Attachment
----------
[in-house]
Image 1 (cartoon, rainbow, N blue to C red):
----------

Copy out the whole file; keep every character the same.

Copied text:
[in-house]
Image 1 (cartoon, rainbow, N blue to C red):